Tuesday, June 12, 2012

The new hotness in energy storage: gravel

Can a humble system of gravel and a heat pump provide a breakthrough for utility-scale energy storage? British startupIsentropic thinks so, and this week announced that they’ve raised $22 million in project funding and an equity investment from the Energy Technologies Institute (ETI), a collaboration between the U.K. government and companies in the energy industry.

I covered Isentropic back in 2009, and back then the company was looking for a $5 million Series B round. The five-year-old company, previously raised a Series A round from Credit Suisse Securities Europe and won a £250,000 ($380,112) research grant from The Carbon Trust.

The innovation behind Isentropic’s idea is an advanced heat pump connected to a super simple, low cost energy storage design. Heat pumps are basically engines that can work in reverse and Isentropic’s device can store and release energy when needed. Founders and engineers Jon Howes and James Macnaghten developed the design of the heat pump a decade ago, and then brought on Mark Wagner as chairman to help with business direction.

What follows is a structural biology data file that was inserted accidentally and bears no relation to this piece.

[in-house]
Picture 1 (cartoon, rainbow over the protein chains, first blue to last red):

An isentropic process (hence the name) is a thermodynamic process that can be reversed. Chairman Mark Wagner told me back in 2009 that the key to the company’s heat pump is that it can be reversed extremely efficiently, and has an isentropic efficiency (reversible efficiency) of 99 percent. More


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